Community & Business

25 August, 2023

System testing to drive more delays

COMMUTERS are set to face more delays on the Kuranda Range Road as testing of the controversial intelligent transport system is carried out in the coming weeks after weather and additional costs caused significant delays to the $37.5 million project.

System testing to drive more delays - feature photo

During testing, motorists are being warned to expect delays and are reminded to adhere to signage to ensure workers and commuters are safe.

Wet weather and delays in sourcing materials are amongst the reasons given as to why the project is behind schedule.

In June, a Department of Transport spokesperson said works were set to be completed this month, weather permitting, but now, the project will not be finished until early 2024, taking into account a period of time during which the system will undergo extensive testing.

“The project has encountered delays due to wet weather, industry-wide resourcing challenges, cost pressures, and delays in the supply of ITS cables and equipment,” a spokesperson said last week.

“The project is expected to be completed in early 2024, weather and construction conditions permitting.”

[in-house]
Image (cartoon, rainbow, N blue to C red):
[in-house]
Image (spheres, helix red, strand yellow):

Also in June, the department stated that the road would be resealed “to match the road surface to the existing road pavement as much as possible” after motorbike riders, in particular, expressed concern that the unevenness of the road surface, which has been cut into to install the cabling, was dangerous.

But last week in a statement to The Express, a spokesperson said “no further resealing works will be carried out as part of the project”.

Since the project was announced last year, questions have been raised about the ITS technology, what it does and how it will help improve the safety of the notoriously dangerous road.

While the department failed to confirm whether cameras on top of the systems were speed cameras, a spokesperson explained they would be used to monitor traffic conditions. 

“The ITS stations are equipped with traffic monitoring cameras and traffic monitoring loops,” a spokesperson said.

“The testing will ensure the devices work appropriately so if traffic slows down or stops, the ITS system will alert the Traffic Management Centre (TMC).

“The TMC will use the traffic monitoring cameras to view real-time information about road conditions on the range and can remotely adjust the speed via the variable speed signs in response to wet weather or incidents to make driving safer.

“This real-time data will allow TMC to notify emergency services and maintenance crews straight away if an incident has occurred, reducing response and closure times.

“The flashing red circle on the variable speed limit signs will alert drivers that the speed limit has been reduced.”

The reduced speed limit will be enforceable by police.

“Once conditions on the road have improved and it is safe to do so, the speed limit will return to the normal speed limit,” the spokesperson said.


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